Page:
Lewis Curtis sent an interesting link to an article about energy efficient web servers derived from how bee's communicate. It's great to see people discovering the road to efficiency is based on closed loop feedback systems.
An intricate honeybee dance has generated a big buzz among scientists by serving as the model for an Internet server system that adapts in response to changing user demand.
Tovey said his collaboration with Seeley demonstrated that the communication provides a “beautiful” feedback loop to prevent one flower patch from being abandoned while another is depleted. For a superior patch, more bees will shake it on the dance floor and recruit workers to join them. As the nectar level drops from all the hubbub, the bees take longer to fill up, delaying their repeat performances back at the hive. The drop-off in dance routines gives scouts returning from alternative sources a better chance to create their own dance fever and transfer worker allegiances. With the shifting allocations, the system continually equalizes itself and offers a steady stream of nectar.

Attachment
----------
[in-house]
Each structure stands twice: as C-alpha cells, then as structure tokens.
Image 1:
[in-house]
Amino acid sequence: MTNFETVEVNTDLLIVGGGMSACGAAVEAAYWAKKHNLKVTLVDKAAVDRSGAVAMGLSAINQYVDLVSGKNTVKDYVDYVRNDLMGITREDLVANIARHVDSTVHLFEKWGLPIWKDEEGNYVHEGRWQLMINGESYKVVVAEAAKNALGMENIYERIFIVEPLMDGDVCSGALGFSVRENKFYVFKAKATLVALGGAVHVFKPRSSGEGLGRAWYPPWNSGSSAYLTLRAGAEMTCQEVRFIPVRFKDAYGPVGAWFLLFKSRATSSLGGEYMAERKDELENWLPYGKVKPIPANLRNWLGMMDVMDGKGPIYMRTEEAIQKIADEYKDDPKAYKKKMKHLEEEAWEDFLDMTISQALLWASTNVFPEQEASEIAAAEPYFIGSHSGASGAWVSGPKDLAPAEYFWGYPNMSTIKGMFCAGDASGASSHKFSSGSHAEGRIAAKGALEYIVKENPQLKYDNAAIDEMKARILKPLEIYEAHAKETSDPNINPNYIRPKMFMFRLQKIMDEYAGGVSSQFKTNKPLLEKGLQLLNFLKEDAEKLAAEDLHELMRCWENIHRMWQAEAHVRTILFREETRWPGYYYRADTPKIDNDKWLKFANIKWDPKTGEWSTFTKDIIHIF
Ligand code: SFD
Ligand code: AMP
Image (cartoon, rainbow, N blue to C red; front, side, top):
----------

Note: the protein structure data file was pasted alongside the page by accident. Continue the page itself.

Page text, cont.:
“We imitated that aspect of what honeybees do, and we’re trying that out on the Web center’s hosting problem,” Tovey said. So far, the method has reduced energy prices by 15 percent to 20 percent, with only a slight dip in revenue. Oxford and Georgia Tech have taken out a provisional patent on the energy-saving application, though Tovey said his team is still refining the methodology.